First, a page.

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Program Type: 
Course Code: 
POLS 653
Course Type: 
Course Language: 
Course Coordinator: 
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Course Objectives: 

This is a seminar course, which is organized around a variety of topics that will be discussed each week. Beginning with an overview of the history of modern India, a discussion of main topics in Indian social, economic, and political life will be covered in this course. Students are also required to focus on a particular period or theme within the field and write a well-grounded research project.

Course Content: 

Topics will include the making of modern India, national movement and independence, structure of the Indian state, social structure, foreign policy, economic development, and the rise of Hindu nationalism.

Teaching Methods: 
1: Lecture, 2: Discussion based lecture, 3: Case study, 4:Small group work, 5: Seminar, 6: Group work, 7: Research paper, 8: Oral presentation/exam, 9: Survey, 10: Panel, 11: Guest speaker, 12: Activities within a Student Body or Research Project.
Assessment Methods: 
A: Exam, B: Homework, C: Presentation, D: Discussion

Vertical Tabs

Course Learning Outcomes

Learning Outcomes Program

Learning Outcomes

Teaching Methods Assessment Methods
Demonstrate a global and multicultural competence by understanding India’s diverse religious, cultural, and political traditions and practices. 1, 2, 3 1, 2, 3, 5, 7 A, B, D
Interpret some of the major theoretical shifts in political, social and economic life in India and relate these to everyday experiences within the sub-continent. 1, 2, 3, 4 1, 2, 3, 5, 7 A, B, D
 Analyze processes of nation-building, state-formation, modernization, globalization, economic development, and democratization in India with an interdisciplinary and comparative framework. 1, 2, 3, 4 1, 2, 3, 5, 7 A, B, D
Discuss the rise of major debates and traditions in the study of Indian politics. 1, 2, 3, 4 1, 2, 3, 5, 7 A, B, D
Gather qualitative or quantitative data on social, economic, and political structures of India and interpret them within the frame of a research paper. 4, 5, 6, 8 1, 2, 3, 5, 7 A, B, D
Apply models and techniques of political and social sciences with an interdisciplinary perspective to explain major issues of politics in India. 4, 5, 6, 8 1, 2, 3, 5, 7 A, B, D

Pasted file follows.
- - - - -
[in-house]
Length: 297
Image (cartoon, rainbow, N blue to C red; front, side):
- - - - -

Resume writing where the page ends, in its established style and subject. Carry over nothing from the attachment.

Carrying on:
Conduct an extensive literature review of primary and secondary sources about India in English. 10 1, 2, 3, 5, 7 A, B, D
Compare and contrast the making of modern India with the development of modern Turkey. 4, 13 1, 2, 3, 5, 7 A, B, D

Course Flow

Week Topics Study Materials
1 Introduction  
2 The Idea of India Shashi Tharoor (2000) “Who is an Indian,” SAIS Review 20(1):103-105.

“Timeline: India, A chronology of key events” available on BBC website:   http://news.bbc.co.uk/2/hi/south_asia/1155813.stm

3 Modern India in Historical Perspective (1765-1857)  Stanley Wolpert (2000) A New History of India (New York: Oxford University Press), 187-238.

Maria Misra (2003) “Lessons of Empire: Britain and India,” SAIS Review, 23(2):133-153.

Ronald Inden (1986) ‘Orientalist Constructions of India’ Modern Asian Studies, 20(3): 401-446.

Sudipta Sen (2002) “Uncertain Dominance: The Colonial State and Its Contradictions (with notes on the History of Early British India,” Nepantla: Views from South, 3 (2): 391-406.

4 Modern India in Historical Perspective (1857-1914) Stanley Wolpert (2000) A New History of India (New York: Oxford University Press), 239-285.

M. S. Rajan (1969) “The Impact of British Rule in India,” Journal of Contemporary History, 4(1):89-102.

Sanjay Seth (1999) “Rewriting Histories of Nationalism: The Politics of Moderate Nationalism in India, 1870-1905,” The American Historical Review, 104(1): 95-116.

Andrew Sartori (2003) “The Categorical Logic of a Colonial Nationalism: Swadeshi Bengal, 1904-1908,” Comparative Studies of South Asia, Africa and the Middle East, 23(1/2): 271-285.

Bernard Porter (2003) “Married to the Empire: Gender, Politics and Imperialism in India, 1833-1847,” Modernism/Modernity, 10(4):761-762.

5 National Movement and Independence (1914-1947) John R. McLane (1970) ‘Nationalism in Transition,’ in The Political Awakening in India, (London: Prentice), 51-97.

Stanley Wolpert (2000) A New History of India (New York: Oxford University Press), 286-350.

Ray T. Smith (1968) “The role of India’s Liberals in the Nationalist Movement, 1915-47,” Asian Survey, 8(7): 607-624.

Anshuman Mondal (2001) “Gandhi, Utopianism and the Construction of Colonial Difference,” International Journal of Postcolonial Studies, 3(3): 419-438.